Psychology of seating plans

There’s no magic formula in a classroom seating plan, but it's easy to get it wrong. Here are some tips, taking human psychology into consideration.

There’s no magic formula in a classroom seating plan. There’s no such thing as a perfect arrangement – but it is easy to get it wrong. Clinical psychologist Dr Asha Patel, CEO of Innovating Minds, offers some advice to schools…

Classroom seating plans are complicated. But like so much else in education you need to define your objectives. You must think about the individual needs:

  • Is the child with ADHD better sitting right in front of you? That way, you can keep an eye on them. Alternatively, by a wall where they only have one child beside them?

  • Is it best to have a child who experiences sensory overload in a quiet area? Either on a separate single table or put with a small sympathetic group who may provide support?

Seating plans should not just be about dealing with incipient discipline problems. Also make sure every pupil is going to get the best out of the lesson.

Seating plan options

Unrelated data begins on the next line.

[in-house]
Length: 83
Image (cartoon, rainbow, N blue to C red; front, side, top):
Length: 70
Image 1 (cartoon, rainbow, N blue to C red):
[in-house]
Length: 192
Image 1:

Girl-boy-girl-boy seating plans. These are popular. However, if boys are surrounded by more able girls, they risk becoming more introverted – and will achieve less. Generally speaking, during their secondary years, girls are more vocal and have a wider range of language registers than boys.

Mix up different ethnic groups. At the beginning of the academic year, especially children in year 7, like is drawn to like. In many classrooms you find the louder lads sit together; or an Asian girls’ gravitate to the same table. It is your job to mix it up, so they work together and learn from one another.

The ‘naughty table’.  Grouping together children who are inattentive or, setting a class into ability groups is not good practice. Lumping together the ‘problem group’ of young people who have behavioural issues is a bad idea. This has become a self-fulfilling prophecy as they feel labelled and judged from the beginning

Top tip: don’t be afraid to ask a child where they would feel most comfortable in class, especially one with recognised mental health problems. This is not about allowing the child to take control. It is about working together, so the child can access the learning.

The complexities of human relationships in the classroom and who sits where is far too important to be left to chance. Flexibility becomes the key to building a successful classroom seating plan.

There is no single recipe for success, many teachers have had to change their seating plan during the year. See our post on improving children’s concentration.

This is where technology comes to the rescue. Teachers could spend hours laboriously moving bits of paper round a grid. It’s very time consuming and not possible to easily share this information with their wider group, so the effort and results often went unrecognised.

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